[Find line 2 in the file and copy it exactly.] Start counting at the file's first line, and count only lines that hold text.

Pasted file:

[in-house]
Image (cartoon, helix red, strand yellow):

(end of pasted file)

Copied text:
Image (cartoon, helix red, strand yellow):